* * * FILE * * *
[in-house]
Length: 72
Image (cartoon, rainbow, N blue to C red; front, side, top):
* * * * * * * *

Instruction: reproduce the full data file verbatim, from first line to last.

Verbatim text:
[in-house]
Length: 72
Image (cartoon, rainbow, N blue to C red; front, side, top):